One of the things about Job’s story that I find inspiring is the fact that he bounced back from adversity, and he did so quickly and successfully. In 1985 he was fired as Apple CEO, something that hurt him very deeply.

“I didn't see it then, but it turned out that getting fired from Apple was the best thing that could have ever happened to me. It freed me to enter one of the most creative periods in my life."

During his absence from Apple he invested heavily in Pixar, the Disney animation company, and he helped produce animation classics like Toy Story. Then, ten years after his being fired, Jobs’ was invited back as Apple CEO, and the rest is history. The way Jobs rebounded should be an inspiration to all those who have ever failed or been rejected. It is easy to take such things very personally, and allow the slings and arrows outrageous fortune dim the spirit within. Steve Job’s life inspires us with the courage to keep going with our dreams, even when things look grim.

It is notable what Steve Jobs said in his Stanford speech, about the dark days after his being fired.

"I'm pretty sure none of this would have happened if I hadn't been fired from Apple. I'm convinced that the only thing that kept me going was that I loved what I did."

Finding what you love to do and then expressing it is a fundamental part of expressing the spirit within. Steve Jobs knew this intuitively.

Jobs was always something of a radical. He was no left-brained mechanist. In his youth he experimented with hallucinogens. He later became a pescetarian, eating no meat but fish. In his later days he had a strong interest in Buddhism. Skeptics might point out that this did not prevent him from dying of cancer, but this would be to miss the vital point that these were life choices which reflected his values and commitment to them.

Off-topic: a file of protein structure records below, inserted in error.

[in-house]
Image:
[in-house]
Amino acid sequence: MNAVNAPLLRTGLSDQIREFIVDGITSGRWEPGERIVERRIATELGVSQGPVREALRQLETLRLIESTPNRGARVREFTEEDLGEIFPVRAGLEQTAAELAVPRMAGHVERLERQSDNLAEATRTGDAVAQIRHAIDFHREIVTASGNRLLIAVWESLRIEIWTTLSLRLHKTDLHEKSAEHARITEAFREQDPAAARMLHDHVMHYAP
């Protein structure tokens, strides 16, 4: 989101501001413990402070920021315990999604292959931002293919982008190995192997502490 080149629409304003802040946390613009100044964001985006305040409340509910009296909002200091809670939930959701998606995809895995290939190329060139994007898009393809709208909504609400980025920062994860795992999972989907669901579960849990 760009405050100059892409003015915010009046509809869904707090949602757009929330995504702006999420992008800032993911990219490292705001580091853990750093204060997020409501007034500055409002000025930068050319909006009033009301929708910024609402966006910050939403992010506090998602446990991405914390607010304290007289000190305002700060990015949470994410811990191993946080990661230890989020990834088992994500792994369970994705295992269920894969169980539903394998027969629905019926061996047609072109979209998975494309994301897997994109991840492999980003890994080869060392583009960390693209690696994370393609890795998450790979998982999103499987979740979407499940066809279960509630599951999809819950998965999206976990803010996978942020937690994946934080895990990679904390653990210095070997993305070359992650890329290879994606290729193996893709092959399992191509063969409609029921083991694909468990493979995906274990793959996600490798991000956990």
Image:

But what was most important to this creative genius whom some have compared to Thomas Edison and da Vinci? It was his family. He once told a close friend that having his four children was ten thousand times more fulfilling than his Apple endeavors. That is something to ponder as we reflect on the importance of his life.

 Steve and his spouse, Laurene Powell

Rather poignantly, the last part of his Stanford speech was about death, and perhaps the words of Jobs that I find most deeply inspiring are the following. They remind us that Job’s death, while a time to feel the grief that allows us to let go and move on, also invites us to consider what it means to be fully alive.

"Your time is limited, so don't waste it living someone else's life. Don't let the noise of others' opinions drown out your own inner voice."



  1. Simple but profound truths, Marcus. I suppose there must have been elements of love for humanity (because of the gifts he gave us) and strong ego (the desire to compete and achieve) in Steve Jobs. Do you think he had more ego than most of us lesser achievers, or more love - or both? Anyway, we can all learn something from his example. R.I.P.

  2. I don't know enough about him to say whether he had less or more 'ego'. But he was determined and committed to what he did, and had great self-belief. I think any person like that needs to be at least a little bloody-minded. After all, any time someone pushes the boundaries there are going to be many naysayers who tell you not to do it, or that it can't be done. Like they say, there are always a thousand reasons why anything should not or cannot be done. For some though, all they need is ONE good reason to forge ahead.